History of Telangana state and tourist places

History of Telangana state and tourist places

The name of Telangana state is derived from  "Trilinga Desa" which gradually transformed as Telangana below is the background from Wiki about name "Telangana"
Alexander Duncan Campbell (1789–1857), who authored the book A Grammar of the Teloogoo language (1816), mentions a theory suggesting that the name Telangana is derived from the word Trilinga, as in the Trilinga Desa, which translates to "the country of the three lingas". 
According to a Hindu legend, Shiva descended in the lingam form on three mountains, Kaleshwaram, Srisailam and Draksharama, which marked the boundaries of the Trilingadesa , later called Telinga, Telunga or Telugu.
The word "Telinga" changed over time to "Telangana" and the name "Telangana" was designated to distinguish the predominantly Telugu-speaking region of the erstwhile Hyderabad State from its predominantly Marathi-speaking one, Marathwada. After Asaf Jahis ceded the Seemandhra region to the British,
 the rest of the Telugu region retained the name Telingana and the other parts were called Madras Presidency's Circars and Ceded.

The earliest use of Telangadh, which means south, was found in the Gond script. One of the earliest uses of a word similar to Telangana can also be seen in a name of Malik Maqbul (14th century CE), who was called the Tilangani, which implies that he was from Tilangana. He was the commander of the Warangal Fort

Kakatiya Dynasty


Telangana has experienced a golden during the reign of the Kakatiya rule from 1083 to 1323 CE which is weakened with the attack of Malik Kafur in 1309 and was dissolved after the defeat of Prataparudra by the forces of Muhammad bin Tughluq in 1323

Telangana region has been ruled by great dynasties such as Sathavahanas, Kakatiyas, Chalukyas, Mughals, Qutubshahis, Asafjahis. Kakathiyas contributions to architecture are considered most impressive while Sathavahanas ruled Telangana region for about 400 years right from the 2nd century B.C. to beyond the 2nd century A.D. Among Kakathiyas, Prataparudra, was a great ruler who ruled till A.D.1323.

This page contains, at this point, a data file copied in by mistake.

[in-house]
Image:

During the rule of Bahamani, Quli Qutub, born in Persia, came to Deccan and he had become the Governor of this region. Quli Qutub later became independent and formed his own Qutubshahi Dynasty in 1518. The Golkonda fort was built by Quli qutub. In his reign, two tanks such as Ibrahim Pantam tank and Hussainsagar were built including a bridge on river Musi, which is known as Puranapul. The Hindus of Telangana region remember him for his immense patronage of Telugu literature. Many Telugu poets such as Addanki Gangadhar Kavi, Panuganti Telanganarya, Kandukuri Rudra Kavi had flourished in his court.

Qutb Shahi and Asaf Jahi's rules

Qutubshah then shifted the capital from Golkonda to Hyderabad on the banks of the river Musi. He built the Jamia mosque at Charminar. The State of Hyderabad was eventually founded by Mir Qamruddin Chin Qilich Khan. Later, he conferred himself the title of Asaf Jah, by which title the dynasty is still known.

In 1799, the Nizam rulers aided the East India Company in their war with Tipu Sultan. When the Nizam was compelled to sign a subsidiary alliance with the British in the year 1799, he lost his authority over the state’s defence and its external affairs. The Nizam also had to give up the Coastal Andhra and the Rayalaseema regions of his vast kingdom to the British, as he was unable to pay monetarily for the assistance the British rendered during the Nizam’s wars against Tipu Sultan. Coastal Andhra and Rayalaseema then became part of the British Presidency of Madras, while Telangana became part of the princely state of Hyderabad. For a long time, the Nizam lead a privileged and a charmed life. He was considered to be the world’s richest man of his time.

Nizam Mir Usman Ali Khan Bahadur was conferred with the title of “His Exalted Highness”. Geographically, Hyderabad commanded a pivotal position in the heart of India with a population of nearly sixteen million and an area of 82,000 square miles. Hyderabad boasted of its own coinage, paper currency and stamps. Soon after the announcement of India’s independence, the Nizam declared his intention not to send representatives to either the Constituent.

The Indian Government refused to entertain a request that Hyderabad would seek a separate status and Operation Polo was initiated to annex Hyderabad state. The Kannada and Marathi speaking areas of Hyderabad state was then merged with Karnataka and Maharashtra respectively while Telugu speaking region of Telangana was merged with Andhra state with Hyderabad as the capital of united Andhra Pradesh state in 1956. Although there was resentment against the merger, there was a period of calm.
After the promises made to respect the rights of Telangana were not fulfilled, a separate Telangana agitation was launched in 1969. Following subsequent Gentleman’s agreement and again a period of broken promises and injustice, Telangana movement was given a final push by Shri. K Chandrasekhar Rao in 2001 with the formation of TRS. Finally due to the whole hearted efforts of Telangana society and political parties, the Government of India agreed for creation of a separate Telangana state in July, 2013 and Telangana came into effect on June 2, 2014 as ‘Telangana state’, the 29th state of Indian Union

In Hyderabad Tour we can visit all the places of tourist spots



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